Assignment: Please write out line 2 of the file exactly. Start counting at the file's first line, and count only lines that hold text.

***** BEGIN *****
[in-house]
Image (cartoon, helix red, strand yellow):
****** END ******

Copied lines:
Image (cartoon, helix red, strand yellow):